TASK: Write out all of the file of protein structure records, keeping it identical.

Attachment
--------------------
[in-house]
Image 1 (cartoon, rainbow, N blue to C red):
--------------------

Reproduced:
[in-house]
Image 1 (cartoon, rainbow, N blue to C red):